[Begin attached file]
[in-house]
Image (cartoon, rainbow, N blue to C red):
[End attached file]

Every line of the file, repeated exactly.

[in-house]
Image (cartoon, rainbow, N blue to C red):